The United Arab Emirates has revealed a plan to begin using delivery drones to transport important documents and small packages within the desert kingdom. Welcome to the future kids.
Online retailer Amazon announced a plan to begin using delivery drones as early as 2016, just as soon as they can work out all the regulatory gobbledy gook. While it would seem few companies could match Amazon’s political pull or cash hoard towards developing delivery drones, the oil-rich city-states of the U.A.E. have a unique advantage of being the government. All it would takes is a few simple acts of government, and whammo, delivery drones are not only legal, but mandatory.
While the initial delivery drones will be limited mostly to government document delivery, such as drivers licenses and building permits, eventually quadcopter drones could deliver larger, commercial packages straight to homes and businesses. The purpose of this project is two-fold; to further reduce the often-epic traffic congestion in places like Dubai, where officials are considering banning poor people from driving, and as a bit of technological posturing on the world stage.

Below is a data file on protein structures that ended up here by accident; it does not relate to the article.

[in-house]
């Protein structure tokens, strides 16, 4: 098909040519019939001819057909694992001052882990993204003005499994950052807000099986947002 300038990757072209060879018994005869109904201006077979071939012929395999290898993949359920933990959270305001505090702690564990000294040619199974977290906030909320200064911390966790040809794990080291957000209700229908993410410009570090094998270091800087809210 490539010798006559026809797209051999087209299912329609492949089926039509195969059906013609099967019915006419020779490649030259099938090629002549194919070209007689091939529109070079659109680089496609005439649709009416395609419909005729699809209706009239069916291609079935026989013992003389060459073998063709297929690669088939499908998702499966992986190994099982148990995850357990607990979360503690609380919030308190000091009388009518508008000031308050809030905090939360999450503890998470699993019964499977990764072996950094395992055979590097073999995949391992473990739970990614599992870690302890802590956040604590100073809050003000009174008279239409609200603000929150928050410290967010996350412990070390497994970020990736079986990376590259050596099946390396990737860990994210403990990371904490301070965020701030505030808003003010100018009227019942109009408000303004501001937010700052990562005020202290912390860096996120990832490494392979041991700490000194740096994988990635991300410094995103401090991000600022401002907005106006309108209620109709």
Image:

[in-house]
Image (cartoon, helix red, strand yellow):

The U.A.E. is home to a number of other cutting-edge, high-tech projects like the green-designed, solar-powered Masdar City, where denizens were to rely on automated transport pods rather than personal automobiles. One area of concern with the delivery drones is security and safety, which U.A.E. officials are making a top priority. Fingerprint scanners and retinal I.D. devices are among the security measures being considered, though the use of both would probably be best.
A six-month trial is scheduled to begin in Dubai before the drones go kingdom-wide.
Source: | Image: Reuters